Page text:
each other
Note: this is very different from that of substitution

Principle of Noncontradiction
No statement can be both true and false
Every statement of the form p~p must be false
o
Every such statement is self-contradictory
Principle of Excluded Middle
Every statement is either true or false
Every statement of the form p v ~ p must be true
Every such statement is a tautology
CHAPTER 10
METHODS OF DEDUCTION

RULES OF REPLACEMENT:
LOGICALLY EQUIVALENT EXPRESSIONS
NAME
ABBREV.
FORM
10. De Morgans
De M.
~(p q)
(~ p v ~q)
Theorem
~(p v q)
11. Commutation

Com.

12. Association

Assoc.

13. Distribution

Dist.

14. Double
Negation
15. Transportation
16. Material
Implication
17. Material
Equivalence

D.N.

(p v q)

Natural Deduction
A method of providing the validity of a deductive argument
by using the rules of inference
Using natural deduction we can proved a formal proof of the
validity of an argument that is valid
Formal Proof of Validity
A sequence of statements, each of which is either a premise
of a given argument or is deduced, suing the rules of
inference, from preceding statements in that sequence, such
that the last statement in the sequence is the conclusion of
the argument whose validity is being proved
Elementary Valid Argument
Any one of a set of specified deductive arguments that serves
as a rule of inference & can be used to construct a formal
proof of validity

SIENNA A. FLORES

(q v p)

(p q)

[(p v q) v r]

[p (q r)]

[(p q) r]

[p (q v r)]

[(p q) (p r)]

[p v (q r)]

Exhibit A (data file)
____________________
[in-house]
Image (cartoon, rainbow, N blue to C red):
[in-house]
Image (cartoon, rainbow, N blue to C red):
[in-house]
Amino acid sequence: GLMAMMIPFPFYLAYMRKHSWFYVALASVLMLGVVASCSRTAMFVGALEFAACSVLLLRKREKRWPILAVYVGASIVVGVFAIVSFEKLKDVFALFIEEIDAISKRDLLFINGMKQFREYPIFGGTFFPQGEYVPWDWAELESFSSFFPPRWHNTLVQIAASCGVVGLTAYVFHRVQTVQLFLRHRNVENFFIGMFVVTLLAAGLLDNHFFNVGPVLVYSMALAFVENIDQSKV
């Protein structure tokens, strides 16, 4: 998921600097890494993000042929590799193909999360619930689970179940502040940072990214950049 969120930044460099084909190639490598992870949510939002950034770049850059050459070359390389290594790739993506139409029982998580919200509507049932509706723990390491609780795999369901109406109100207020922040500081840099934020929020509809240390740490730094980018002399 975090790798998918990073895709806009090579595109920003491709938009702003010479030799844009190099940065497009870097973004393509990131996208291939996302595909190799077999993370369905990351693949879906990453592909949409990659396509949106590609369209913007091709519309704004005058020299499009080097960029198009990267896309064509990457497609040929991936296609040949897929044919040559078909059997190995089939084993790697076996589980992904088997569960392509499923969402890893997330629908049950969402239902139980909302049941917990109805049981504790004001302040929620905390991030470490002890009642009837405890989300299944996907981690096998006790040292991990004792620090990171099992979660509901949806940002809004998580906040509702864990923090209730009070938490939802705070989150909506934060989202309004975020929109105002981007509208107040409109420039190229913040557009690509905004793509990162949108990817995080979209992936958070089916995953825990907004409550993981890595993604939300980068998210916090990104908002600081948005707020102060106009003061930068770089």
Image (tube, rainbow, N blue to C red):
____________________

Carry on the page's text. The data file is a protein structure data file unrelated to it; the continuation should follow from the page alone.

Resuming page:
Trans.

(p

Imp.
Equiv.

(p
(p
(p

18. Exportation

Exp.

19. Tautology

Taut.

(q p)

[p v (q v r)]

10.1 Formal Proof of Validity


Rules of Inference
The rules that permit valid inferences from statements
assumed as premises

(~ p ~q)

~~ p

q)

(~q

q)

q)
q)

[(p v q) (p v r)]

~p)

(~p v q)

[(p

q) (q

p)]

[(p q) v (~p ~q)]

[(p q)

r]

[p

(p v p)

(p p)

(q

r)]

LEGAL TECHNIQUE & LOGIC

- 13

The 19 Rules of Inference


The list of 19 rules of inference constitutes a complete system
of truth-functional logic, in the sense that it permits the
construction of a formal proof of validity for any valid truthfunctional argument
The first 9 rules can be applied only to whole lines of a proof
Any of the last 10 rules can be applied either to whole lines or
to parts of lines
The notion of formal proof is an effective notion
It can be decided quite mechanically, in a finite number of
steps, whether or not a given sequence of statements
constitutes a formal proof
No thinking is required
Only 2 things are required:
o
The ability to see that a statement occurring in one
place is precisely the same as a statement occurring
in another
o
The ability to see W/N a given statement has a
certain pattern; that is , to see if it is a substitution
instance of a given statement form
Formal Proof vs. Truth Tables
The making of a truth table is completely mechanical
There are no mechanical rules for the construction of formal
proofs
Proving an argument valid y constructing a formal proof of its
validity is much easier than the purely mechanical
construction of a truth table with perhaps hundreds or
thousands of rows
10.3 Proof of Invalidity
Invalid Arguments
For an invalid argument, there is no formal proof of invalidity